There are quite a number of people who believe that a DM can 'step down' and converse with the other players at the table as just 'one of the group,' and that they have no special status at the moment they themselves declare, "In this particular matter, I have no special status."
It is something akin to your Dad saying, "Hey, son, we're friends, aren't we?"
On some level, sure, you're friends with your dad. You fish together, you chat about stuff, you may even regularly get together with him at the bar and have a drink or two. But he is still your dad. He's the guy who threatened you when you were a screaming kid in the back seat; he's the guy who took down your pants and roasted your bottom when necessary; he owned the house where you grew up and he's a hell of a lot older than you. You don't just love him, you respect him ... even if he's the kind of dad that doesn't deserve respect. You do anyway, because he's you're fucking dad.
Nothing is ever going to change that.
Now, the DM you happen to be playing with is not your dad, he or she hasn't got anything like the kind of influence your father has over you ... but there is a very definite division there. You know the DM knows things that you don't know. You know the DM can screw around with you, mess with the situation, hold a grudge and so on ... and you know that a good game requires a great deal of TRUST between you and the runner of the game. Even when that trust goes bad, it can take time to convince yourself that it has.
The gentle reader isn't an idiot. The reader has lived in the world and knows very well that people can smile right into your face and lie. It's a knowledge we consort with every day, and even as young adults we stop believing what we're told just because someone uses those words. We have been freaking lied to before today. We know of what people are capable.
We judge our success at anything from the dynamic that exists between ourselves and others - and there is a very definite dynamic between player and DM. We know we're not talking to a fellow player; this is the one who runs the game, and we know that when it comes to the game, it is the DM who sets the tone.
We're not dumb. We know on what side our bread is buttered.
If the DM says, "Hey guys, we're all going to make this decision; I'm no more important than you are," we realize that is a bunch of shit. We've grown up on the planet too. We can read the signs on the DM's face. The power for veto is there. We're not fooled. When dad says he wants to be our friend, that doesn't mean he wants to share porn.
No DM is going to run a game where all the players have decided such-and-such is cool, if the DM doesn't think so too. Sure, the DM might agree, but the DM has to agree. We all know it. Saying that's not the way it is, well ... that's some kind of delusion, isn't it?
Yet I've run smack bang into that illusion. Not just in D&D, obviously, but in all sorts of interaction. There's the guy who says, "Sure, I'll play right field," and then you find out at the end of the day that he was pissed he didn't get the chance to pitch. There's the one in the crowd who agrees to see the movie everyone else wants to see, that secretly hates every minute of it. A lot of people go along to get along, then find out that going along really sucks, and after a couple hours lose their shit about it. If you've lived on planet Earth, you've experienced this.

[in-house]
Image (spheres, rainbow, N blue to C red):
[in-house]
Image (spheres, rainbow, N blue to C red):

We've watched a DM convince himself that he's going to run a game the players want ... only to find out he really doesn't want that. And a few months into the project, its really beginning to tell on him. He's bored, or he's angry, or both. Oh, sure, he promised to run that game, but now all the actual work has fallen on his shoulders and he is sick to death of that game. Sooner or later its going to occur to him, "Hey, I'm the fucking DM. It's my world, isn't it?"
So when you hear a DM saying, "Yeah, the party and I talked about it and agreed," that is really a lot of shit. What happened is the party read the DM, guessed what the DM wanted, paid lip service to that extent and the DM has somehow managed to delude his or her self into thinking it really was a group decision.
The first time I learned that lip service works was doing door-to-door sales at 17. I have a very low tolerance for lip service myself. I think of it as a lot of bullshit, which is why I don't really trust someone who makes a comment on a blog that amounts to, "good post." But as it turns out, a lot of people actually believe lip service. You can stand in a homeowner's doorway, praise the flower patch in their front yard - which, let's admit, you don't give a shit about - and they'll beam and bask in the praise of a total stranger, which in turn softens them up for buying $500 worth of housepainting. Or more. When I was first instructed to do this, I thought in my head, "Nah, that ain't gonna work. I'm selling shit, aren't I? The guy is going to know I'm saying it to get on his good side, right?
Apparently not. It makes no damn sense to me, but if I say this or I praise that, I can get people to unload a hundred thousand dollars on a car, easy. Blows my mind. (It also makes me feel awful sleezy, so I don't do that kind of work).
"Oh yes, Bob, of course you're just like we are. Of course we won't think of your opinion as having any different weight than our own. Of course we won't interpret anything you dislike with an special import. We promise."
So Bob freaking beams, because they're all just one great jolly family. He runs off to a convention or to the net and says, "Yes, we make decisions together!"
And everyone with a brain - literally, actual grey matter, helping them breathe and digest food - thinks, "Yeah. Right."